Advice for Women on How to Cope with their Partner’s Erectile Dysfunction.

From WebMD:

The TV commercials make it all seem so simple: He can’t get an erection so he pops a pill.

The next thing you know, his partner is cooing about how her guy is back to his old wild and romantic self.

What the commercials don’t show you: The painful distress a woman can experience when her man suffers from erectile dysfunction.

“Women internalize things — they tend to blame themselves first. They think it’s because they’ve done something wrong, or that they’re no longer attractive to their partner. In fact, the first thing a woman thinks when a man can’t get an erection is that it’s her fault. And nothing could be further from the truth,” says Andrew McCullough, MD, director of sexual health at NYU Medical Center.

ED, or erectile dysfunction, is the inability to achieve or sustain an erection long enough for sexual intercourse. Virtually all men experience some erection failures at certain points in their lives

Unfortunately, experts say a lack of education about the causes of ED are frequently behind a woman’s self-blame, as well as her increasing anxiety, and sometimes, even feelings of hurt and anger when the problem occurs.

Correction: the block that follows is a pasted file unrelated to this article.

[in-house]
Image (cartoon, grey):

“Most women usually start with a line of questioning that often has some anxiety or hurt to it. She may suspect her partner is having an affair, or that he just doesn’t find her desirable anymore. So she begins to hint around at these possibilities,” says Sallie Foley, MSW, a professor at the University of Michigan.

Often, says Foley, a man suffering with ED will interpret her questions as an attack on him. Result? He pulls back.

“She then experiences this pulling back as a confirmation that she has done something wrong, and so she retreats even further,” says Foley. As she does, increasing levels of anxiety or depression can set in, along with suspicions about what’s going on with him, as well as a continued belief that there is something wrong with her.

The end result: The couple can stop communicating altogether — not only in the bedroom, but in all aspects of their relationship. And that, say experts, can only make problems worse for both partners.